15 Dec 2016
London, December 15, 2016 – Smartphones offering resistance against water damage (and other liquids) grew 45.2% year on year in the first nine months of 2016 in Western Europe, while shipments of non-water–resistant smartphones declined 17% in the same period. Water resistant smartphones reached 22.5 million units in the period to represent 23% of the total number of smartphones shipped in 2016 to date, according to the International Data Corporation (IDC) European Quarterly Mobile Phone Tracker. The strong growth in this segment was supported by the success of Samsung and Huawei devices offering this feature and by the recently launched iPhone 7 and iPhone 7 Plus, both offering IP67.
Liquid damage is the second-largest cause of damaged smartphones in the world, representing 35% of all devices repaired. This results in significant costs to end users, phone manufacturers, carriers, retailers, and the environment in general. IDC estimates that over 100,000 smartphones get damaged by water or other liquids every day in Western Europe. The impact of liquids is estimated to be worth in excess of $10.7 billion a year in the region.
"Accidental damage is responsible for 95% of smartphone failures. While many manufacturers try to compete through lower price points, others differentiate by improving the user experience with screen durability and resistance to liquids, the two most common causes for smartphone damage," said Francisco Jeronimo, European mobile devices research director at IDC. "Nowadays, smartphones are used throughout the day, but with increasing usage comes a greater risk of accidents, such as dropping the device on the floor or into water. With the advance of nano-technology and better industrial design, liquid damage is a problem that should no longer exist."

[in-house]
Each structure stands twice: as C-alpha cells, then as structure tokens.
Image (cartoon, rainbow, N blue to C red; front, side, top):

Water Resistant vs. Non-Water-Resistant Smartphones
Total Shipments and Market Share, Western Europe (Units in Millions)
Jan-Sep 2015 Market
Source: IDC European Quarterly Mobile Phone Tracker, November 2016
For more information on IDC's European Quarterly Mobile Phone Tracker service and its related deliverables, please contact Francisco Jeronimo, research director, IDC European mobile communications group (firstname.lastname@example.org, tel.: +44(0)20 8987 7186), or visit www.idc.com.